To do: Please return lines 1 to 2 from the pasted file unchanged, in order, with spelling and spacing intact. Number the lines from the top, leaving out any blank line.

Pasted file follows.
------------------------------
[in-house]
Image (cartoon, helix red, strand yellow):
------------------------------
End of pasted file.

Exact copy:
[in-house]
Image (cartoon, helix red, strand yellow):